Mountain Lions, Bighorn Sheep Die In Effort To Restore Nature
December 13, 2013

Mountain Lion

VIDEO: This mountain lion was humanely captured in 2008 by a rancher near Nogales, Sonora, Mexico, after it had preyed on his cattle. Mexican game officials took custody of the lion. Wildlife biologists at the University of Arizona said it's the same type of cat that lives in the Santa Catalina Mountains where Arizona Game and Fish re-introduced bighorn sheep last November.


Last November, Arizona wildlife officials began a program to re-introduce bighorn sheep to the Santa Catalina mountains north of Tucson. Thirty-one of the iconic animals were trucked in from a wilderness area, fitted with tracking devices and offloaded into the mountains.

But shortly thereafter, another iconic creature, the native mountain lion, stalked and killed two of the bighorns. Then those mountain lions were shot and killed by Arizona Game and Fish.

The re-introduction and the subsequent lion killings are all a bid in trying to restore a balance to nature that was affected by humans 20 years ago.

Within weeks of their release into the mountains, the bighorns began to die. An Arizona Game and Fish Officer found the first body on a Saturday afternoon. He turned around and one of the big cats was standing 10 yards behind him. He felt threatened and shot the lion dead.  

Then a second bighorn’s body was found. A tracker using hounds hunted that lion down and killed him.

Arizona Game and Fish makes no apologies for the killings. It's agency policy, especially in the first case because the officer feared for his life, said spokesman Mark Hart.

"Mortalities are common and we have always been very direct about our intention to take mountain lions that we can determine have preyed on a bighorn sheep," he said.

That policy will stay in place until the bighorns are re-established in these mountains. The relocation itself is a policy that some conservation groups backed.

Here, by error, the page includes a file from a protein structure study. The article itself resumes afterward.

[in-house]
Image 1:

"This is a case of trying to re-establish the natural order of things on the mountain range," Hart said.

But some question what the agency means by "natural order."

Sandy Bahr is director of the Sierra Club in Arizona. The organization has approved relocations in the past, especially for endangered species. Whether through development or through forest fire suppression policies in the 1990s, humans killed off the bighorn sheep in the Catalinas. And now humans brought them back. But in order to do that, humans needed to kill the mountain lions that threaten the bighorns.

Bahr wonders if in the end killing mountain lions for doing what they naturally do won’t then put those animals in danger. A recent study found there are between 60 and 70 lions in the mountains where the bighorns now live.

"It’s not a question of not seeing them restored but under what conditions. If our goal is just to have a modified zoo existence for animals, then we should just say no to that," Bahr said.

Warner Glenn is a rancher and a hunting guide who has trailed mountain lions in the nearby Chiricahua Mountains since he was a kid.

"After a brief stint in the Army, about 1960 to now, I’ve been hunting lions," he said as he hammered out horseshoes on an anvil. His ranch abuts the Mexican border in Cochise County.

He says those days of wild nature taking its own course are long gone.

"Not anymore," Glenn said. "There’s not a natural order anymore. Things change. One thing is our population of people. And your mountain lion and well all your wildlife habitat is diminishing to the point where it concentrates a lot of your wildlife in certain areas."

So we’ve already redefined nature and those natural orders.

But David Christianson, a wildlife biologist at the University of Arizona, says that in the West we did that long ago to animals like elk, antelope or deer.

"There was a time when they almost completely disappeared. They were on the same track as bison were but now states like Arizona have an abundance of some of these species," Christianson said. 

So the bighorn sheep will have a chance in the Catalinas. Thirty more will be introduced next year, then another 30 more. Game and Fish hopes for a herd of 100. Benefit, yes, but the cost may be seen in another unfortunate mountain lion harvest.

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